The parent P41 Center grant (5 P41 RR001209, A Synchrotron Radiation Structural Biology Resource, K.O. Hodgson, P.l.) has as its overall aim to develop new and enhanced approaches for the investigation of biomolecular structure and function using synchrotron radiation at Stanford Synchrotron Radiation Lightsource (SSRL). One of the Center's three methodologies and technical research and development (TR&D) areas is macromolecular crystallography. Since the submission of the competitive renewal in May, 2009, a revolutionary new x-ray light source has become available that could well have a transformative impact in macromolecular crystallography (and other areas of structural biology). This light source, an x-ray free electron laser named LCLS, located at the SLAC National Accelerator Laboratory (and in close proximity to SSRL) is now in full operation. Several key proof-of-principle experiments have been carried out and published, demonstrating the feasibility of obtaining high quality, potentially radiation damage free diffraction data from nanocrystals. Data on such samples cannot be obtained from any other source. There are several key technical R&D areas, which need to be addressed, and problems that need to be solved, for this innovative new approach to be successful and applicable to important biomedical problems and made widely available to the biomedical research community. Three TR&D areas are the focus of this Revision Application, in response to the NIH FOA PAR-12-046. The P41 Center, in close partnership with the LCLS scientific team and with the Physical Biosciences Division at Lawrence Berkeley National Laboratory (LBNL) will build upon existing core capabilities, augmented with proposed staff and instrumentation, to address nanocrystal growth, characterization and manipulation, data reduction and analysis, and structure solution, to provide an integrated capability for nanocrystallography using the LCLS. Also key is significant integration with specific facilities and beam lines at SSRL for technology development and characterization. The TR&D projects will be driven strongly by research collaborations (Driving Biomedical Projects).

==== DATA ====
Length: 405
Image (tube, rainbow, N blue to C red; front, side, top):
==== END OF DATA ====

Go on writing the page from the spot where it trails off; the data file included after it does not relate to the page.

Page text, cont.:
As with the parent grant and Center, relevance is to a number of important biological problems including membrane-bound proteins such as G-coupled receptors;the structure of metalloproteins involved in metabolism;and how these structures change in different states or evolve in time. Such information is more broadly important to the health-related areas of drug discovery, cancer research, and cell development.
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|Kobylarz, Marek J; Grigg, Jason C; Liu, Yunan et al. (2016) Deciphering the Substrate Specificity of SbnA, the Enzyme Catalyzing the First Step in Staphyloferrin B Biosynthesis. Biochemistry 55:927-39|
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